A bipartisan bill has been introduced that would restore the presumption of injunctive relief if a valid patent is infringed and takes other steps to sew up what the authors say is a court weakening of patent rights.
In fact, the STRONGER (Support Technology & Research for Our Nation’s Growth and Economic Resilience) Patents Act is actually a stronger version of the STRONG Act.
The goal of the bill is to make it easier and less costly for patent holders to enforce patents. While that would not sound like a partisan issue, the legal pursuit of patents by so-called "trolls" that buy up patents and try to extort payments is an issue that implicates patent enforcement, and the bill has at least one Republican backer.
Sen. Dick Durbin (D-Ill.), one of the bill's supporters, says the legislation manages to thread that needle. “We must preserve and strengthen the ability of legitimate patent holders to protect their innovations, while taking steps to narrowly target and deter abusive patent troll behavior," he said. "This bill strikes that balance.”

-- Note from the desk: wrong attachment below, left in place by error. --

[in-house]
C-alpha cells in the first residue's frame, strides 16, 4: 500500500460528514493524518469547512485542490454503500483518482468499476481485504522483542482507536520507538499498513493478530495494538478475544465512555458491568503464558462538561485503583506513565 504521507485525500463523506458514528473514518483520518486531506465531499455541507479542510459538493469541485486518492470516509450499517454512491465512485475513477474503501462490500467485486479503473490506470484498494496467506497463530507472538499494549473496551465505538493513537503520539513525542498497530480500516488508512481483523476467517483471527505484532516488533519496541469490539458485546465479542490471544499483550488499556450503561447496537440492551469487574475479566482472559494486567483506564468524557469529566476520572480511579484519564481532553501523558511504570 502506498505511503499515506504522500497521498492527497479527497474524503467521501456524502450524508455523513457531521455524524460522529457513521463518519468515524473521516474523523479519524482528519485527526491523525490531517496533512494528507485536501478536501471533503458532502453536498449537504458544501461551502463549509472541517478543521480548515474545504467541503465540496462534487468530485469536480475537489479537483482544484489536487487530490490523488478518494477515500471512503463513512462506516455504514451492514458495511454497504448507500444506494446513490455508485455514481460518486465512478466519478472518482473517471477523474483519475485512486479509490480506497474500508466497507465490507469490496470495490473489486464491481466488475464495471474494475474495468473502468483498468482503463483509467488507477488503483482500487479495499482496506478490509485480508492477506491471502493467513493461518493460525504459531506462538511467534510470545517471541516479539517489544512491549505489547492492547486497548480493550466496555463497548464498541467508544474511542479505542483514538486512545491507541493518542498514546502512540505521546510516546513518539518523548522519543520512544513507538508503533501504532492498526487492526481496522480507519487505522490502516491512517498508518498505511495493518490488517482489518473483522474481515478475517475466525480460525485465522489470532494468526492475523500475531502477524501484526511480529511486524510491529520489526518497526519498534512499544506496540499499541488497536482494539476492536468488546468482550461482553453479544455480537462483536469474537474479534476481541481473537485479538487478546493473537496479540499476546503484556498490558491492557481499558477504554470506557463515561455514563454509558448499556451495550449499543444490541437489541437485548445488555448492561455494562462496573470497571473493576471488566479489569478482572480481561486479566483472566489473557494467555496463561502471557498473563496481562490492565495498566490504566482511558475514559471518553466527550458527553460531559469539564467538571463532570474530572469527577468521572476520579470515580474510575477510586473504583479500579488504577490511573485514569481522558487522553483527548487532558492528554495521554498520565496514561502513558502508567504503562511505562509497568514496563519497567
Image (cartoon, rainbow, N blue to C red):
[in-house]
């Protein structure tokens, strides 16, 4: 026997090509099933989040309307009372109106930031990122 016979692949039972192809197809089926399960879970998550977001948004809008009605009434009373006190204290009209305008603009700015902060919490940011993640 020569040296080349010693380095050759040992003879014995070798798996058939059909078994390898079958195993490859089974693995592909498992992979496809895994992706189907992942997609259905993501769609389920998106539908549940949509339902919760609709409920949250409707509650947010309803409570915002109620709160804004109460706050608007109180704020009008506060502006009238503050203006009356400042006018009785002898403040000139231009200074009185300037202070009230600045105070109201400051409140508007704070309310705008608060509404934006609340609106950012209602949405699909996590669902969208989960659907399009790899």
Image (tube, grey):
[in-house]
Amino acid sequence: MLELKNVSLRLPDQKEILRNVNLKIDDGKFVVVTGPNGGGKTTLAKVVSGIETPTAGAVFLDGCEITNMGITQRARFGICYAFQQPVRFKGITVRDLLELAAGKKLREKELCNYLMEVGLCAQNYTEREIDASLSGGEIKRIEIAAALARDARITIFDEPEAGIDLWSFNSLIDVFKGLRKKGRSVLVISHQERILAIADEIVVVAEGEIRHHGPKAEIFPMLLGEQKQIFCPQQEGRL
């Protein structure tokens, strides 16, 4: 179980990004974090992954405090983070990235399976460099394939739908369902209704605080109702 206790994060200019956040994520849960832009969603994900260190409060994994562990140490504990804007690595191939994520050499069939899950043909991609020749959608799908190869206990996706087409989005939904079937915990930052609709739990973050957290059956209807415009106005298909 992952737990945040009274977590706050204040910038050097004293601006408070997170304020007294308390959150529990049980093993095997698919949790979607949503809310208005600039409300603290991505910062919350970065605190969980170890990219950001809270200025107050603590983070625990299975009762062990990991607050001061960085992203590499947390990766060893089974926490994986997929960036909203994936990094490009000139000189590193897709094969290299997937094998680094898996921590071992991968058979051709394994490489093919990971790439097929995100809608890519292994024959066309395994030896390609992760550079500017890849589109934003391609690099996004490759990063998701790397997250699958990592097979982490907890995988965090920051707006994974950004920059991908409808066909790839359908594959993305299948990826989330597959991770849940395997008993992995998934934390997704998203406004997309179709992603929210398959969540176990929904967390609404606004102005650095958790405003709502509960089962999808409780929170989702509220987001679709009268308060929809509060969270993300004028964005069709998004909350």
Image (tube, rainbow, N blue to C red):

Others sponsoring the bill were Sens. Chris Coons (D-Del.), Tom Cotton (R-Ark.) and Mazie Hirono (D-Hawaii).
Among the changes from the STRONG Act introduced in the last Congress are "repetitive, harassing petitions in the administrative reviews at the USPTO, reducing duplication between these reviews and district court, and providing a new approach to amending patent claims during them."
Medical device manufacturers also saw it as a good compromise.
Mark Leahey, president and CEO of the Medical Device Manufacturers Association (MDMA), issued the following statement regarding introduction of the the act in the U.S. Senate:
“MDMA applauds the bipartisan work of Senators Tom Cotton, Chris Coons, Dick Durbin and Mazie Hirono for devising legislation that thwarts frivolous patent lawsuits while leveling the playing field for inventors," said Leahey. "The ‘STRONGER Patents Act’ provides a balanced, targeted approach to end abuse, support innovation and spur the lifesaving cures and therapies that patients and providers desperately need."